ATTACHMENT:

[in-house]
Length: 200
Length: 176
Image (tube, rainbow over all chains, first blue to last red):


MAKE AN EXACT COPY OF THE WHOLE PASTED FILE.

[in-house]
Length: 200
Length: 176
Image (tube, rainbow over all chains, first blue to last red):